So what’s the alternative? Remove all clutter? If we removed all 57 chairs from our French holiday home, we would have been sitting on the floor all week and that’s not great either. We need to strike a balance, where our processes and policies actually help us achieve our purpose. We still need enough dining chairs to seat our diners and maybe somewhere in the hallway for guests to hang their coats. Get the basics right and we can add some tasteful art to to the walls to help the place look attractive.
Similarly at work, we do need some method of picking the right people to employ and we do need to be aware of the costs we generate. Think about purpose at all times, be flexible and you’ll soon design recruitment processes that help rather than hinder. Go the whole hog and you can even design measures that help you understand which types of recruitment have been most successful.
We also need secure IT systems that help us to perform tasks in our workflow and we certainly need a system that allows easy interaction with our customers. We need our IT systems to be designed specifically for our own work and to have enough fields in to collect the right data, in the right order, at the right time. IT designed against demand is surprisingly cheap and easy to do and your workflow becomes supported rather than compromised. Done right, it will also provide you with useful data to measure performance of the system in meeting purpose.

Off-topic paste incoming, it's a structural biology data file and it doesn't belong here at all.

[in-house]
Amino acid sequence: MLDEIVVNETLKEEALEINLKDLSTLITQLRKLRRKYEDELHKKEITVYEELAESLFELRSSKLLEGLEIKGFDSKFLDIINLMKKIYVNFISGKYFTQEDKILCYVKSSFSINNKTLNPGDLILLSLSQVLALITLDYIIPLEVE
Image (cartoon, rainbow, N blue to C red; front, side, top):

With Support Services the clue is in the name. Done right, they help us de-clutter our workflows and improve our ability to meet the needs of our customers. Allow them to stray from purpose and the results are a system that’s every bit as hard to navigate as our house in France. Good design makes complicated systems seem simple, clutter makes simple systems seem complicated. I guarantee that your customers will notice the difference.